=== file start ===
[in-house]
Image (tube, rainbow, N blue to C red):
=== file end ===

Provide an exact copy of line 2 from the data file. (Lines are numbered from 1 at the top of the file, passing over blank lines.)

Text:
Image (tube, rainbow, N blue to C red):